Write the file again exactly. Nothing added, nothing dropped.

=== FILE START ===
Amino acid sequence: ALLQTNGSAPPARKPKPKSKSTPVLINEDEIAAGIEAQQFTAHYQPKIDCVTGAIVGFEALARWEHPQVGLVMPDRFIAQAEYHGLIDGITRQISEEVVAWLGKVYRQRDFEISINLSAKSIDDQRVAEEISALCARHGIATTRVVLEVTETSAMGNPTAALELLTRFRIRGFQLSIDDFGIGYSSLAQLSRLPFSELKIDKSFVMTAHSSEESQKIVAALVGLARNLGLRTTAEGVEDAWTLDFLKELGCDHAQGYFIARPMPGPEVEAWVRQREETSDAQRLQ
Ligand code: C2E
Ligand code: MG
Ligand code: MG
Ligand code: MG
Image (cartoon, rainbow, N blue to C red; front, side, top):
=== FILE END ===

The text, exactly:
Amino acid sequence: ALLQTNGSAPPARKPKPKSKSTPVLINEDEIAAGIEAQQFTAHYQPKIDCVTGAIVGFEALARWEHPQVGLVMPDRFIAQAEYHGLIDGITRQISEEVVAWLGKVYRQRDFEISINLSAKSIDDQRVAEEISALCARHGIATTRVVLEVTETSAMGNPTAALELLTRFRIRGFQLSIDDFGIGYSSLAQLSRLPFSELKIDKSFVMTAHSSEESQKIVAALVGLARNLGLRTTAEGVEDAWTLDFLKELGCDHAQGYFIARPMPGPEVEAWVRQREETSDAQRLQ
Ligand code: C2E
Ligand code: MG
Ligand code: MG
Ligand code: MG
Image (cartoon, rainbow, N blue to C red; front, side, top):